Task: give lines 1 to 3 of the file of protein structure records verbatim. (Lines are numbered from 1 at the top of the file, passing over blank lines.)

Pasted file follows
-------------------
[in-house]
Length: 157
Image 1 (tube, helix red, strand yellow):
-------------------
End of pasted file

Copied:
[in-house]
Length: 157
Image 1 (tube, helix red, strand yellow):